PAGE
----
This paper is a response to the opening of new lines of research on CSR and SMEs (Thompson & Smith, 1991; Spence, 1999; Moore & Smith, 2006; Spence, 2007). It seeks to explore the business case for CSR in this corporate segment. The paper, which is based on four case studies of medium-sized firms in the automotive sector, took the distinctive approach of trying to understand the nature of CSR-like activities developed not by best-in-class CSR-driven companies but by purely competitiveness-driven firms. The case studies provide explicit evidence that the CSR activities of SMEs and the notion of social capital are interrelated, turning social capital into a powerful instrument to better explain what academic literature has called silent CSR practices. The analysis that follows questions some of the basic tenets that underpin the branch of business ethics that deals with the nature of SMEs' approach to CSR. Four basic concerns, which take the form of propositions for further research, serve as the basis for this analysis: a) A definition of CSR that includes most of the actions taken by all companies in the territory contributes no academic value to the discipline b) Any study of the motivation behind these CSR actions must reflect their essentially pragmatic nature. Actions are linked to social values but also, more importantly, to the nature of the competitive environment c) Business ethics must seek common ground with other more sociological disciplines if it is to explain the reasons behind this type of action d) Any study of this kind of practice requires a dual approach: a) normative when using tools developed by CSR; and b) descriptive and instrumental using the notion of social capital.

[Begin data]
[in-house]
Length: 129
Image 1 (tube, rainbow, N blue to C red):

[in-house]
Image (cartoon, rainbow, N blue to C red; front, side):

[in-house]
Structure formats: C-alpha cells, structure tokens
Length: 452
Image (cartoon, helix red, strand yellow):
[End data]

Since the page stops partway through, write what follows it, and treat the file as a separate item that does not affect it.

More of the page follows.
Ramon Llull Journal of Applied Ethics, 2012, Issue 3, p. 17-46
SME; Social Responsibility of Business; Business ethics; Social capital; Silent; CSR